Start by tossing remnants of soap and adding an organizer to keep body wash, shampoo and conditioner within close reach. In the medicine cabinet, check the expiration dates on medications and properly dispose of anything out-of-date. For drawers and shelves, consider grouping together similar items, like makeup, shaving tools or hair products using bins or dividers.

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Living Room

Since living rooms are high-traffic areas, they tend to get cluttered more frequently. Having the right storage is a huge help when trying to keep these spaces tidy. Because there are so many options for decorating a living room, finding pieces that fit your needs, style and budget can be both easy and fun.

When brainstorming what you need, think about the activities your family does in this space. If you have children who watch movies or play video games often, TV consoles may provide the extra room you need for storing controllers, DVDs and other accessories. Make sure that children can reach items easily and that large, heavy pieces of furniture have proper anchors for safety.

Seating areas are also hot spots where clutter can build up. Use side tables with drawers the sofa for stashing remotes, charging cords and drink coasters. Bookshelves are another great storage choice and work well for much more than novels and cookbooks. Stack board games and puzzles together or add decorative baskets or fabric bins to hold papers, magazines and toys.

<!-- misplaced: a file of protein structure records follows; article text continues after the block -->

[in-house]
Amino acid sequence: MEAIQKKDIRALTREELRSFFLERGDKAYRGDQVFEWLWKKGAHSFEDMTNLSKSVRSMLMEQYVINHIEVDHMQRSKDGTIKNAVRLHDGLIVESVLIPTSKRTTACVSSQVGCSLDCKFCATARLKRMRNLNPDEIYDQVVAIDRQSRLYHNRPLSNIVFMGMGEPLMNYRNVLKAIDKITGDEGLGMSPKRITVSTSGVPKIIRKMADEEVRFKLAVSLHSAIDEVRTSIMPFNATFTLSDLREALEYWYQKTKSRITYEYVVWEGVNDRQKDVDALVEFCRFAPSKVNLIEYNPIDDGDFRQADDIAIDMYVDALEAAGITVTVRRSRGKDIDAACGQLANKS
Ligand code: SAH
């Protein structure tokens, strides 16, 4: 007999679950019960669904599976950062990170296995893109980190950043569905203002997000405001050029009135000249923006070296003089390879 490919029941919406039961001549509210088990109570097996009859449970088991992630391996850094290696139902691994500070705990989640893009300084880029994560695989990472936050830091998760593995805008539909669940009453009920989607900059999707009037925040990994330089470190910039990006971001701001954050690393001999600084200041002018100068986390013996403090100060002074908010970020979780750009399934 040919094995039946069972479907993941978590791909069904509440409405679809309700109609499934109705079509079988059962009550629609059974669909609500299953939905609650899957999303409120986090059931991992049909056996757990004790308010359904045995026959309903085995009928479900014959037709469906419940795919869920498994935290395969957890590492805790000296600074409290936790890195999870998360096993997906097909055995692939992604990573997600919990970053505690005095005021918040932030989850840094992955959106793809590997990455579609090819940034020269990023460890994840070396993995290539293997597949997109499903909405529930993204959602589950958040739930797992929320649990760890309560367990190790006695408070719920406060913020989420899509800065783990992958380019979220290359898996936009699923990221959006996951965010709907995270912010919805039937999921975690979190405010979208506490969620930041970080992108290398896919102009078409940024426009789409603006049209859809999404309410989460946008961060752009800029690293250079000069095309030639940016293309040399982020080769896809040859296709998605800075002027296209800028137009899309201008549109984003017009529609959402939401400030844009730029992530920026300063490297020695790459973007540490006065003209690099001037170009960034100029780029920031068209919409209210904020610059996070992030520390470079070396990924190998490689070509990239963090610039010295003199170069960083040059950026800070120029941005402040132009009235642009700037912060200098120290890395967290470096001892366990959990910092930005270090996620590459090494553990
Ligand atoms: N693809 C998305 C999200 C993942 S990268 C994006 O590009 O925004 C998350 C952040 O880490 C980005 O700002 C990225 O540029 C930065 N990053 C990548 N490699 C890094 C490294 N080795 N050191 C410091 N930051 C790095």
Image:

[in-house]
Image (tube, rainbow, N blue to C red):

Bedroom and Closet

When it comes to relieving stress, a thoughtful bedroom design can make a huge difference. Be prepared to spend extra time here and keep in mind the purpose of each area as you clean. For example, nightstands are for keeping clocks, phones or lamps near the bed rather than a place to keep laundry or mail.

It's best to keep surfaces cleared off so that the room feels spacious and clean. To do this, have designated places for your jewelry, shoes, clothing and extra linens. Go through dresser drawers and closets and pare down what you own by donating or discarding things that you no longer wear or need.

In your kid's playroom or bedroom, use their age as a guideline when deciding what to keep. Encourage them to help you by allowing them to choose where to donate old clothes or toys. Getting your child involved may help avoid tears about giving up outgrown items. It also gives them a sense of control by helping them know where to locate things and where to put them back.

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Entryway